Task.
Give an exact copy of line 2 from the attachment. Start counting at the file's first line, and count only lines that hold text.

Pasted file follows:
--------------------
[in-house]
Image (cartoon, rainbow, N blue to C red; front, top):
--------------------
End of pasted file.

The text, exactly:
Image (cartoon, rainbow, N blue to C red; front, top):